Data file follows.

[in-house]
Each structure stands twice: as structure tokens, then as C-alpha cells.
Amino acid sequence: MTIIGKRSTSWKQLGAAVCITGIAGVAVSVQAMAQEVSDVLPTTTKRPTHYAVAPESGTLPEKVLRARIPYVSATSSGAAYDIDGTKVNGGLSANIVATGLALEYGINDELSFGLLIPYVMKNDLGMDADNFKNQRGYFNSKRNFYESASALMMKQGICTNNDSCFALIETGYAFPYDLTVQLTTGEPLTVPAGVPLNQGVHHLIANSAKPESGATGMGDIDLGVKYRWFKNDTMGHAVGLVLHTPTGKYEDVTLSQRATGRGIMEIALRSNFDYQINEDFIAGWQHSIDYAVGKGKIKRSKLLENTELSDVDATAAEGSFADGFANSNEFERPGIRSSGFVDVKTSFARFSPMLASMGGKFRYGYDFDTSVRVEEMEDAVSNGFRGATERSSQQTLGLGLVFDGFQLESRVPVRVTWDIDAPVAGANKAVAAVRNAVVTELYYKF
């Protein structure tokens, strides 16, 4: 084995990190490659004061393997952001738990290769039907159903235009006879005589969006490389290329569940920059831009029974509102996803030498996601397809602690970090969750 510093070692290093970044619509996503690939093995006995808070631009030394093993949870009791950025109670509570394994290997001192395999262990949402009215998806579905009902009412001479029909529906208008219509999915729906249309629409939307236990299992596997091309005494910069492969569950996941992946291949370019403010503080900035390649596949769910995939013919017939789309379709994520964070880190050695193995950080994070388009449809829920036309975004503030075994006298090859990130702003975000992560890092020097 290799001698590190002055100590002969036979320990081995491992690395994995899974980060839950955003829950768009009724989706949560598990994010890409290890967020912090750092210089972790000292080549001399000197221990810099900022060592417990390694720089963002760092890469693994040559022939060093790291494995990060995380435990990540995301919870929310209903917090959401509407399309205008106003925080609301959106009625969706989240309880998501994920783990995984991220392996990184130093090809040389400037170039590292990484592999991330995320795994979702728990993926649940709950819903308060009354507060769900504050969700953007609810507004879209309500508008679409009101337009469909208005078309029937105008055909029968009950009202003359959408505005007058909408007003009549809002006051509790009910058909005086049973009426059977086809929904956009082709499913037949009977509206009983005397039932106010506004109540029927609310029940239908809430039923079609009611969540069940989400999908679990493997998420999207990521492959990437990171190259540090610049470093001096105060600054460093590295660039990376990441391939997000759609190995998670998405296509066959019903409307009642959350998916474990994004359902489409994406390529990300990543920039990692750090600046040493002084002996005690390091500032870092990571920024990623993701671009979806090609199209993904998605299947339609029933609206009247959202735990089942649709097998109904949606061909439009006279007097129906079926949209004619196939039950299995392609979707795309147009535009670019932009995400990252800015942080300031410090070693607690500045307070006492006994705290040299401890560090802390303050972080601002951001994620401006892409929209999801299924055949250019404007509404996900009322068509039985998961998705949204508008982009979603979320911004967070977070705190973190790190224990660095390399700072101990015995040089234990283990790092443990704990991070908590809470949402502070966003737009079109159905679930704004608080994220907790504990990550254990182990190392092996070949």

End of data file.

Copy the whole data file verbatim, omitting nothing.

[in-house]
Each structure stands twice: as structure tokens, then as C-alpha cells.
Amino acid sequence: MTIIGKRSTSWKQLGAAVCITGIAGVAVSVQAMAQEVSDVLPTTTKRPTHYAVAPESGTLPEKVLRARIPYVSATSSGAAYDIDGTKVNGGLSANIVATGLALEYGINDELSFGLLIPYVMKNDLGMDADNFKNQRGYFNSKRNFYESASALMMKQGICTNNDSCFALIETGYAFPYDLTVQLTTGEPLTVPAGVPLNQGVHHLIANSAKPESGATGMGDIDLGVKYRWFKNDTMGHAVGLVLHTPTGKYEDVTLSQRATGRGIMEIALRSNFDYQINEDFIAGWQHSIDYAVGKGKIKRSKLLENTELSDVDATAAEGSFADGFANSNEFERPGIRSSGFVDVKTSFARFSPMLASMGGKFRYGYDFDTSVRVEEMEDAVSNGFRGATERSSQQTLGLGLVFDGFQLESRVPVRVTWDIDAPVAGANKAVAAVRNAVVTELYYKF
């Protein structure tokens, strides 16, 4: 084995990190490659004061393997952001738990290769039907159903235009006879005589969006490389290329569940920059831009029974509102996803030498996601397809602690970090969750 510093070692290093970044619509996503690939093995006995808070631009030394093993949870009791950025109670509570394994290997001192395999262990949402009215998806579905009902009412001479029909529906208008219509999915729906249309629409939307236990299992596997091309005494910069492969569950996941992946291949370019403010503080900035390649596949769910995939013919017939789309379709994520964070880190050695193995950080994070388009449809829920036309975004503030075994006298090859990130702003975000992560890092020097 290799001698590190002055100590002969036979320990081995491992690395994995899974980060839950955003829950768009009724989706949560598990994010890409290890967020912090750092210089972790000292080549001399000197221990810099900022060592417990390694720089963002760092890469693994040559022939060093790291494995990060995380435990990540995301919870929310209903917090959401509407399309205008106003925080609301959106009625969706989240309880998501994920783990995984991220392996990184130093090809040389400037170039590292990484592999991330995320795994979702728990993926649940709950819903308060009354507060769900504050969700953007609810507004879209309500508008679409009101337009469909208005078309029937105008055909029968009950009202003359959408505005007058909408007003009549809002006051509790009910058909005086049973009426059977086809929904956009082709499913037949009977509206009983005397039932106010506004109540029927609310029940239908809430039923079609009611969540069940989400999908679990493997998420999207990521492959990437990171190259540090610049470093001096105060600054460093590295660039990376990441391939997000759609190995998670998405296509066959019903409307009642959350998916474990994004359902489409994406390529990300990543920039990692750090600046040493002084002996005690390091500032870092990571920024990623993701671009979806090609199209993904998605299947339609029933609206009247959202735990089942649709097998109904949606061909439009006279007097129906079926949209004619196939039950299995392609979707795309147009535009670019932009995400990252800015942080300031410090070693607690500045307070006492006994705290040299401890560090802390303050972080601002951001994620401006892409929209999801299924055949250019404007509404996900009322068509039985998961998705949204508008982009979603979320911004967070977070705190973190790190224990660095390399700072101990015995040089234990283990790092443990704990991070908590809470949402502070966003737009079109159905679930704004608080994220907790504990990550254990182990190392092996070949």